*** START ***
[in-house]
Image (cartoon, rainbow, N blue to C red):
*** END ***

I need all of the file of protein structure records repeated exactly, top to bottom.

[in-house]
Image (cartoon, rainbow, N blue to C red):